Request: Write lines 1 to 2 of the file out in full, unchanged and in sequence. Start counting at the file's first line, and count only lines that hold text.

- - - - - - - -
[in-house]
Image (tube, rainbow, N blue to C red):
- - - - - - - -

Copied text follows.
[in-house]
Image (tube, rainbow, N blue to C red):